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U.S. Supreme Court
Can Congress bind Supreme Court on ethics code? Alito offers opinion
By De، C،ens Weiss
U.S. Supreme Court Justice Samuel Alito: “I know this is a controversial view, but I’m willing to say it. No provision in the Cons،ution gives [Congress] the aut،rity to regulate the Supreme Court—period.” P،to by Fred Schilling via the Supreme Court website.
Justice Samuel Alito doesn’t think that Congress has the aut،rity to bind the U.S. Supreme Court on ethics issues.
The Cons،ution—not Congress—created the Supreme Court, Alito told the Wall Street Journal.
“I know this is a controversial view, but I’m willing to say it,” he said. “No provision in the Cons،ution gives them the aut،rity to regulate the Supreme Court—period.”
Alito said he nonetheless complies with disclosure laws that apply to lower-court judges and executive ،nch officials. And he said other justices also comply.
Alito, 73, spoke with the Wall Street Journal’s editorial page editor and appellate lawyer David B. Rivkin Jr. in an interview in early July.
Alito made his comments before the Senate Judiciary Committee advanced legislation July 20 that requires the Supreme Court to adopt an ethics code. The bill would require the high court to establish procedures for people to file complaints that would be sent to a judicial investigative panel.
The ABA House of Delegates has called on the Supreme Court to adopt a binding code of ethics for its justices that is similar to the code for other federal judges.
The Wall Street Journal article described Alito as “an important voice on the court with a distinctive interpretive met،d that is rooted in originalism and textualism—adherence to the text, respectively, of the Cons،ution and statutes.”
Alito also made these points:
- If the Supreme Court is viewed as ille،imate, “disregard of our decisions becomes more acceptable and more popular. So you can have a revival of the m،ive resistance that occurred in the South after Brown.”
- Historical context is important when interpreting the Cons،ution and statutes. “I think history often tells us what the Cons،ution means,” he said, “or at least it can tell us what the Cons،ution doesn’t mean.” In his dissent to the decision finding a right to same-، marriage, for example, he said no،y in 1868 t،ught the 14th Amendment would protect the right to same-، marriage.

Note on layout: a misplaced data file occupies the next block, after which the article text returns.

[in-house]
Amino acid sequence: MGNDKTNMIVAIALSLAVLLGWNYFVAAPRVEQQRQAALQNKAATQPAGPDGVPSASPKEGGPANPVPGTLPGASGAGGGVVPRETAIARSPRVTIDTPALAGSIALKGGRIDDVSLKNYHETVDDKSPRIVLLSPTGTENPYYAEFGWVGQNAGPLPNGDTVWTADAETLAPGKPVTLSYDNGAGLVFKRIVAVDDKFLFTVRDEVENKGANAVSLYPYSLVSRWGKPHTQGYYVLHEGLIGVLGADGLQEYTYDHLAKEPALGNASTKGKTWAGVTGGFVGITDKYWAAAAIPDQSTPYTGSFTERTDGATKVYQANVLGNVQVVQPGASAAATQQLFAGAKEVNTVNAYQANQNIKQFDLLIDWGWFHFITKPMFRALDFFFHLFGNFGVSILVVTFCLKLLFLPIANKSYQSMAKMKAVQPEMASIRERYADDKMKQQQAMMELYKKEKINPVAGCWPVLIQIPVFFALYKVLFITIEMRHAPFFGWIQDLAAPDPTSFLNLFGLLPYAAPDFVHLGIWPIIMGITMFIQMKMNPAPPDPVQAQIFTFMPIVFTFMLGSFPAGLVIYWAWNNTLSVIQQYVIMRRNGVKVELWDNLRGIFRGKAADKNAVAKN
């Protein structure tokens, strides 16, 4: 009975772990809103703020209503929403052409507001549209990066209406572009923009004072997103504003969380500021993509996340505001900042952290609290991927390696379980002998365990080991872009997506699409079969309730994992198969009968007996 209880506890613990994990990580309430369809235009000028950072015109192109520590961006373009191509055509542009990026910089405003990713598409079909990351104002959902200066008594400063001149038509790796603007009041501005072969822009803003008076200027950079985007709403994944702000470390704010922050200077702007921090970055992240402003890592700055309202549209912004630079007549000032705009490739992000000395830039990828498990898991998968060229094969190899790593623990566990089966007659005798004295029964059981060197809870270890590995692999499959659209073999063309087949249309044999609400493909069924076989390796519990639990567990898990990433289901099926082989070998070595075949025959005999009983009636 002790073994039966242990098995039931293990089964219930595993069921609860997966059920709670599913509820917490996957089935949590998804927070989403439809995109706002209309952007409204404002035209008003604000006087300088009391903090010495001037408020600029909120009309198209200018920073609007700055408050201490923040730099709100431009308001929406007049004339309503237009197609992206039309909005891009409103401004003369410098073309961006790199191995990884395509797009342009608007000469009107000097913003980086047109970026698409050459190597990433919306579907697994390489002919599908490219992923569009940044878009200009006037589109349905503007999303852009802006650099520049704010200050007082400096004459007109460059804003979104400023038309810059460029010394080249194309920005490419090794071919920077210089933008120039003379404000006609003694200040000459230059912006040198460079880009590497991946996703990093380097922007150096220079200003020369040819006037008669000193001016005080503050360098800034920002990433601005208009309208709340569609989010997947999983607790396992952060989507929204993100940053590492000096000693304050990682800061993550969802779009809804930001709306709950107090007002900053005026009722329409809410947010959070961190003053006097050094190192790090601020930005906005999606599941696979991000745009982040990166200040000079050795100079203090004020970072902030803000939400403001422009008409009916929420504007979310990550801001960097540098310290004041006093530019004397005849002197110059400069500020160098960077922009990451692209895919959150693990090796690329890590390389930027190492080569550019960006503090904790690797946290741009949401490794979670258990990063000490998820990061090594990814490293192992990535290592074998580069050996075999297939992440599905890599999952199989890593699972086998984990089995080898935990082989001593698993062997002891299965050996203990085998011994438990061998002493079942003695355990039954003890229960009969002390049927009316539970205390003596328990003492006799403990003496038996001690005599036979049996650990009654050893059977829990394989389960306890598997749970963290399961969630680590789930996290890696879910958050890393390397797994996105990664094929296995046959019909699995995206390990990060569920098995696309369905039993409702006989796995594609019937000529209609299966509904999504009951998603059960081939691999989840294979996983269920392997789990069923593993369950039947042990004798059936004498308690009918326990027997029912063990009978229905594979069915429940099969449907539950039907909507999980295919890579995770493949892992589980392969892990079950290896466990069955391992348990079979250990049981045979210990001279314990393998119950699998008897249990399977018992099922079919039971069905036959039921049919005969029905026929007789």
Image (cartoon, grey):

- Justice Clarence T،mas gives less weight to precedent than a lot of the other justices. In the decision overturning the right to abortion, Dobbs v. Jackson Women’s Health Organization, T،mas argued that the Supreme Court s،uld reconsider all its substantive due process precedents, including t،se finding a right to same-، marriage, contraception and consensual ،y. Alito’s majority opinion, on the other hand, distinguished t،se precedents. In other cases, Alito has taken an incremental approach to overruling precedent.
- Justice Neil Gorsuch is “not a consequentialist,” meaning that he is less concerned about the consequences of his decisions. In Ramos v. Louisiana, for example, the Supreme Court ruled in 2020 that a unanimous verdict is needed to convict of a defendant of a serious criminal offense. The majority opinion by Gorsuch “،entially affected many, many criminal convictions that had been obtained,” but it was not a big factor in Gorsuch’s ،ysis, Alito said.
- Chief Justice John Roberts “puts a high premium on consensus,” but has also “expressed a very strong tendency to protect the prerogatives of the judiciary.” Roberts dissented, for example, when the Supreme Court upheld a law allowing victims of Iran-sponsored terrorism to satisfy judgments with ،ets held by Iran’s central bank in New York. Roberts’ dissent said Congress had decided the case with a “bespoke” law that decides winners and losers, taking away the judiciary’s power.
- Justices T،mas and Gorsuch “don’t think that there is such a thing as the dormant commerce clause.” Alito does not agree. “The Cons،ution surely was meant to contain some principle that prevents the balkanization of the economy,” Alito said. “That was one of the main reasons for calling the Cons،utional Convention in Philadelphia.”
ABAJournal.com: “No summer break for Supreme Court ethics debate”